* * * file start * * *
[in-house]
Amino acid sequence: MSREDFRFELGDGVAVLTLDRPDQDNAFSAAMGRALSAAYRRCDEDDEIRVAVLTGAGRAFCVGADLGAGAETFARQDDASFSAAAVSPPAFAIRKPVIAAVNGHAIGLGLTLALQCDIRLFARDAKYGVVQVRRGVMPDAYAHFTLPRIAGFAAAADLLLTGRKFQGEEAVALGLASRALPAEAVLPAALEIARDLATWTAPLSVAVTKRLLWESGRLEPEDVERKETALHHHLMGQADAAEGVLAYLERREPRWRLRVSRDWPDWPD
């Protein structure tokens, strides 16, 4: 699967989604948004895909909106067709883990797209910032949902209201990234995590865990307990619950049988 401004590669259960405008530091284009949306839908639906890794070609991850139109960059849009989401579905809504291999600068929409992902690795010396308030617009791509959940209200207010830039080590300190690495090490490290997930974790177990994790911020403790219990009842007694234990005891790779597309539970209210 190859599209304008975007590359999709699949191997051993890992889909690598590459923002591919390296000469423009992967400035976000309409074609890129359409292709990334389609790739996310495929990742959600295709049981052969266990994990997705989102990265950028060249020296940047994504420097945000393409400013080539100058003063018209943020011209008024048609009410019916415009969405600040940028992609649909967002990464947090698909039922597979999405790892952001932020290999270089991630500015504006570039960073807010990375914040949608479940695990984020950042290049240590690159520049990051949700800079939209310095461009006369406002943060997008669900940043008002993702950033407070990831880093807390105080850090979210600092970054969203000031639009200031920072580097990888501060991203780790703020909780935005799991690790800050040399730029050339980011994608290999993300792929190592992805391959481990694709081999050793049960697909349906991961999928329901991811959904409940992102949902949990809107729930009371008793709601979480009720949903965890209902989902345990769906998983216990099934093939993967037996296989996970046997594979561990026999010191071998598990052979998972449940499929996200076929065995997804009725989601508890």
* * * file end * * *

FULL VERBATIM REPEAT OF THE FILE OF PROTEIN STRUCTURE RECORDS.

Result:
[in-house]
Amino acid sequence: MSREDFRFELGDGVAVLTLDRPDQDNAFSAAMGRALSAAYRRCDEDDEIRVAVLTGAGRAFCVGADLGAGAETFARQDDASFSAAAVSPPAFAIRKPVIAAVNGHAIGLGLTLALQCDIRLFARDAKYGVVQVRRGVMPDAYAHFTLPRIAGFAAAADLLLTGRKFQGEEAVALGLASRALPAEAVLPAALEIARDLATWTAPLSVAVTKRLLWESGRLEPEDVERKETALHHHLMGQADAAEGVLAYLERREPRWRLRVSRDWPDWPD
């Protein structure tokens, strides 16, 4: 699967989604948004895909909106067709883990797209910032949902209201990234995590865990307990619950049988 401004590669259960405008530091284009949306839908639906890794070609991850139109960059849009989401579905809504291999600068929409992902690795010396308030617009791509959940209200207010830039080590300190690495090490490290997930974790177990994790911020403790219990009842007694234990005891790779597309539970209210 190859599209304008975007590359999709699949191997051993890992889909690598590459923002591919390296000469423009992967400035976000309409074609890129359409292709990334389609790739996310495929990742959600295709049981052969266990994990997705989102990265950028060249020296940047994504420097945000393409400013080539100058003063018209943020011209008024048609009410019916415009969405600040940028992609649909967002990464947090698909039922597979999405790892952001932020290999270089991630500015504006570039960073807010990375914040949608479940695990984020950042290049240590690159520049990051949700800079939209310095461009006369406002943060997008669900940043008002993702950033407070990831880093807390105080850090979210600092970054969203000031639009200031920072580097990888501060991203780790703020909780935005799991690790800050040399730029050339980011994608290999993300792929190592992805391959481990694709081999050793049960697909349906991961999928329901991811959904409940992102949902949990809107729930009371008793709601979480009720949903965890209902989902345990769906998983216990099934093939993967037996296989996970046997594979561990026999010191071998598990052979998972449940499929996200076929065995997804009725989601508890």